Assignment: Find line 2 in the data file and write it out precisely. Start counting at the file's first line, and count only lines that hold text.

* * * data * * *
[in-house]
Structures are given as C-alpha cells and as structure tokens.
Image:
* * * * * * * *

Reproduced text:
Structures are given as C-alpha cells and as structure tokens.